Remember, the recession might have ended in November 2001, but that did not give you a “get out of jail free” card as an equity investor, and certainly the recovery was a good two years away, even if the recession technically ended at the end of 2001. I’m talking about the markers that will turn me bullish for the next cycle. An eight percent savings rate, to me, would be a very critical launching pad.

2) Months supply below eight months

What else? Well, I doubt that anything is really going to bottom, including the financials, until we’re convinced that house prices have hit bottom. For that we have to look at the inventory to sales ratio, and there are different measures.
There is the new inventory, which is a 10-month supply. There’s the resale; that’s 11-month supply. When I take a look at the Census Bureau data, which includes total vacant units for sale, single-family, condo, it’s more like 17-month supply.
We need to include everything, including foreclosed properties. I have to see that number sliced in half. I have to see it down below eight months supply before I’ll be convinced home prices don’t bottom, at least the second derivatives start to turn positive. I have to see that metric at the eight-month supply. I’m keeping a very close eye on it. That will make me feel a lot more comfortable with turning bullish for the next cycle.

3) Interest coverage ratio has to come down to 10.5%

The third and last marker comes down to the household balance sheet. What I’m referring to here is interest coverage in the household sector. We have a record debt-income ratio, but that’s a stop-to-flow concept. I’m talking about interest coverage, how much are principal and interest payments from the record debt absorbing out of household income? It is 14.1%. It’s at a near-record high. We have never been in a recession with this metric at this level. So, that means there are too many things that are levels we’ve never seen before. The whole thing about economic bottling is you run the rest of it based on the past, and there are so many things that we’re entering into this thing that I’ve never seen before.

There is, I’d have to admit, a wide dispersion around the forecast I am providing. What I am really trying to do is put things into a certain perspective. What I know, being an economist, is that in some sense you’re a glorified historian. So when I take a look at the chart of interest coverage in the household sector, what do I see? I see that after the recession of the early 1980s, this interest coverage ratio got down to 10.5% by 1982 and, voila, that was the touch-off point for a multi-year bull market and economic expansion.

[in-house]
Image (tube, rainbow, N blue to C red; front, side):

Then we had the recession of the early 1990s, and what do you know? In 1992, interest coverage went down to 10.5% again. That was the launching pad for a multi-year bull market and economic expansion. We’re 14.1% in this metric today. I know this historical record tells me that there is something about a 10.5% ratio that is a very cathartic event. The problem is that to get there from here would require the elimination of $2 trillion of household debt. So, maybe when NYU’s Nouriel Roubini talks about that the total losses could be up to $2 trillion, maybe he’s not talking through a paper bag.

Frugality is going to set in

As far as I know, there are only two ways to eliminate debt. You either walk away from it, which people obviously are doing, which is why we got these write-downs and these foreclosures, or you pay it down. I think people with a FICO score that they are concerned about are going to pay that down. That means that the savings rate is going to be forced higher. This, again, is going to be very, very disinflationary. It means that fashions are going to change. It means frugality is going to set in. We’re going to be living in smaller houses, driving smaller cars and living more frugally. It’s not going to be the end of the world; it’s going to be a necessary process to truly embark on getting the balance sheets down to more comfortable levels so that we can actually embark on the next cycle.

Intense deleveraging in the banking sector